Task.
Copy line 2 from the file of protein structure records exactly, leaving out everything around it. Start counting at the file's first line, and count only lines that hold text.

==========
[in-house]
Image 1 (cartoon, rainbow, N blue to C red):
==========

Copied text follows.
Image 1 (cartoon, rainbow, N blue to C red):